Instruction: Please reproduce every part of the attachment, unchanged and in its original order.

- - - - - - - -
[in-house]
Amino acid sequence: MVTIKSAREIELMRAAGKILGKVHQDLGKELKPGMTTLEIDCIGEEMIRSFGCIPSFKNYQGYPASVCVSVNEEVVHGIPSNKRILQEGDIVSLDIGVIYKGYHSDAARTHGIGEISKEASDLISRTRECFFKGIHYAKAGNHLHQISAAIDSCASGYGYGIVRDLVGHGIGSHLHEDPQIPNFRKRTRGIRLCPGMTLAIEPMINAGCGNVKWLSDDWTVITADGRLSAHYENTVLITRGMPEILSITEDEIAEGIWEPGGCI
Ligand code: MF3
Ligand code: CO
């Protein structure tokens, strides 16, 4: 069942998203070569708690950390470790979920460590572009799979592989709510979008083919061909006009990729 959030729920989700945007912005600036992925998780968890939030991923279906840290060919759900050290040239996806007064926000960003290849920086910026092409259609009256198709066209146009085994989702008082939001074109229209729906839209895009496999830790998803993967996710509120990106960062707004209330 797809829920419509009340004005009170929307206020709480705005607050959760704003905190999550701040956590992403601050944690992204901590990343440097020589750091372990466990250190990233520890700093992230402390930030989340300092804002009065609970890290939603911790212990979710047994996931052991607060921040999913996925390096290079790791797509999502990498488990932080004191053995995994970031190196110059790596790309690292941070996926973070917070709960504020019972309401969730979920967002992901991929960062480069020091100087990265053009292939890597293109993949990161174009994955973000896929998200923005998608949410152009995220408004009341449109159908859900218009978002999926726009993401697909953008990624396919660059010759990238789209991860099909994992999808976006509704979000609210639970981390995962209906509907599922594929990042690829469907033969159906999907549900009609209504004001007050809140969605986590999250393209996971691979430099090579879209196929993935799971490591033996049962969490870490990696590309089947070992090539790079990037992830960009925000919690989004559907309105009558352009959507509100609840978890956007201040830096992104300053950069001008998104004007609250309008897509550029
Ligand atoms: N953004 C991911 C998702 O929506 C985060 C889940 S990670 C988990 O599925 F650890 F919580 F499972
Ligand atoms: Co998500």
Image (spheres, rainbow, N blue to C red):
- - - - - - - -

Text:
[in-house]
Amino acid sequence: MVTIKSAREIELMRAAGKILGKVHQDLGKELKPGMTTLEIDCIGEEMIRSFGCIPSFKNYQGYPASVCVSVNEEVVHGIPSNKRILQEGDIVSLDIGVIYKGYHSDAARTHGIGEISKEASDLISRTRECFFKGIHYAKAGNHLHQISAAIDSCASGYGYGIVRDLVGHGIGSHLHEDPQIPNFRKRTRGIRLCPGMTLAIEPMINAGCGNVKWLSDDWTVITADGRLSAHYENTVLITRGMPEILSITEDEIAEGIWEPGGCI
Ligand code: MF3
Ligand code: CO
């Protein structure tokens, strides 16, 4: 069942998203070569708690950390470790979920460590572009799979592989709510979008083919061909006009990729 959030729920989700945007912005600036992925998780968890939030991923279906840290060919759900050290040239996806007064926000960003290849920086910026092409259609009256198709066209146009085994989702008082939001074109229209729906839209895009496999830790998803993967996710509120990106960062707004209330 797809829920419509009340004005009170929307206020709480705005607050959760704003905190999550701040956590992403601050944690992204901590990343440097020589750091372990466990250190990233520890700093992230402390930030989340300092804002009065609970890290939603911790212990979710047994996931052991607060921040999913996925390096290079790791797509999502990498488990932080004191053995995994970031190196110059790596790309690292941070996926973070917070709960504020019972309401969730979920967002992901991929960062480069020091100087990265053009292939890597293109993949990161174009994955973000896929998200923005998608949410152009995220408004009341449109159908859900218009978002999926726009993401697909953008990624396919660059010759990238789209991860099909994992999808976006509704979000609210639970981390995962209906509907599922594929990042690829469907033969159906999907549900009609209504004001007050809140969605986590999250393209996971691979430099090579879209196929993935799971490591033996049962969490870490990696590309089947070992090539790079990037992830960009925000919690989004559907309105009558352009959507509100609840978890956007201040830096992104300053950069001008998104004007609250309008897509550029
Ligand atoms: N953004 C991911 C998702 O929506 C985060 C889940 S990670 C988990 O599925 F650890 F919580 F499972
Ligand atoms: Co998500």
Image (spheres, rainbow, N blue to C red):